Glover used a great week – tying for fifth – to creep back into the top 100 of the OWGR at No. 96. It was his first tournament with so much as a top-30 since he won the John Deere in July. If you had Glover this week, that was quite a call. But let's not think this will be the start of anything sustained.

Keith Mitchell
Mitchell, one of the great drivers on Tour, has been working with Parker McLachlin on his short game. He tied for seventh at the Sony after ranking second in the field in scrambling (and 13th in putting). He was his usual top-10 in SG: Off-the-Tee, as well. Mitchell is up to 80th in the world, a spot he hadn't been in since mid-2019.

Matt Kuchar
Kuchar moved from 120th in the world to 107th after tying for seventh, his first top-10 in a stroke-play event – he finished third in last year's Match Play event – in almost two years. At 43, Kuchar's best chance to compete is on a shorter, more tactical course. But even then we can't really get too excited like we did with him for years.
 
Adam Svensson
The Canadian bears watching as one of the top guys to graduate from the Korn Ferry Tour after winning twice last year, including a playoff event. He tied for seventh at the Sony, by far his best showing this season after missing four of his first seven cuts. He's 168th in the world and probably a bit overmatched, especially when the fields stiffen, but you never know, so keep an eye on him.

Hayden Buckley
Another Korn Ferry grad, Buckley shined during the Fall Swing with a top-5 and a top-10 in only five starts. And now he's opened 2022 with another gem, tying for 12th. Like with others mentioned above, we'll take a wait-and-see approach until we see him deliver against tougher competition. But he's already one of the top KF guys to make the jump. Buckley is up to 157th in the OWGR.

Charles Howell
It's hard to count on the 42-year-old Howell these days, though Waialae is an exception. He made it 21 cuts in 21 career Sony starts with a tie for 36th. Howell missed seven cuts last year in only 19 starts, and he hadn't missed that many since 2012, when he played 29 times.

Harris English
Since winning the Travelers last June and tying for fourth at the WGC-FedEx soon after, English has been very ordinary, and that continued with a tie for 55th. In his nine starts since Memphis, he's had zero top-10s and only two top-20s. It's a small sample size for sure, but it bears watching. English, who was in the top 10 not too long ago, now sits 16th in the OWGR.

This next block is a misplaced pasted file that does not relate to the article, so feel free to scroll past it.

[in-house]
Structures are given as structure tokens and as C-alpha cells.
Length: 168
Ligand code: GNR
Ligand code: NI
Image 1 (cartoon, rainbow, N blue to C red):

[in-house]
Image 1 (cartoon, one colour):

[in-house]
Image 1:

Webb Simpson
Simpson slipped last year, so we were keeping a close eye on how he did on one of the best tracks. Not so great. After top-fives in three straight trips to Waialae, he struggled to make the cut on the number and wound up tied for 61st. It's looking like Simpson is a fade this year.

Cameron Smith
It's not unusual for a player to take a step back after winning a tournament, maybe miss a cut or string together multiple poor weeks. But that's more for a young player, and we didn't expect that of Smith, who won the Sentry Tournament of Champions last week and won the Sony Open just two years ago. But miss the cut he did. It would be surprising if Smith didn't bounce back quickly.

Sungjae Im
Waialae should be a green-light special for Im, but the results tell a different story. He's made four Sony starts, and the finishes keep getting worse: T16 in his 2019 debut, then T21, T56 and now a missed cut. It's clearly just an aberration for Im, who will try to bounce back at this week's American Express. Just remember this result for next year at Waialae.

Takumi Kanaya
Whenever a player climbs the world rankings based on results on other tours, there's always a question mark till they deliver on the PGA Tour. Kanaya, the Japanese star, finished 2021 ranked No. 50 in the world. He was on target to make the cut at Waialae until collapsing with three bogeys in his final five holes to miss the weekend by two, leaving many of those question marks in place.

Chan Kim
Kim is a California who plays mostly in Japan, where he won twice in the latter stages of 2021. He was also 15th at the 2021 ZOZO in Japan, and entered the Sony ranked 62nd in the world. But in another example of the PGA Tour being a far cry from the Japan Tour, Kim missed the cut. In fairness, he did register a top-25 at last year's PGA Championship at the Ocean Course, though that appears to be an outlier.

Want to Read More?
Subscribe to RotoWire to see the full article.

We reserve some of our best content for our paid subscribers. Plus, if you choose to subscribe you can discuss this article with the author and the rest of the RotoWire community.

Get Instant Access To This Article Get Access To This Article
RotoWire Community
Join Our Subscriber-Only Golf Chat
Chat with our writers and other RotoWire Golf fans for all the pre-game info and in-game banter.
Join The Discussion
ABOUT THE AUTHOR
Len Hochberg
Len Hochberg has covered golf for RotoWire since 2013. A veteran sports journalist, he was an editor and reporter at The Washington Post for many years. He was named 2020 "DFS Writer of the Year" by the FSWA and was nominated for the same award in 2019.
Yahoo DFS Golf: PGA Championship
Yahoo DFS Golf: PGA Championship
FanDuel PGA: PGA Championship
FanDuel PGA: PGA Championship
2022 PGA Championship Betting: Picks, Odds, Predictions and Best Bets
2022 PGA Championship Betting: Picks, Odds, Predictions and Best Bets
Weekly Preview: PGA Championship
Weekly Preview: PGA Championship